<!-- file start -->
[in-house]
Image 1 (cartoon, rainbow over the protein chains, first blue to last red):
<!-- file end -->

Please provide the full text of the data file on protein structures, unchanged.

[in-house]
Image 1 (cartoon, rainbow over the protein chains, first blue to last red):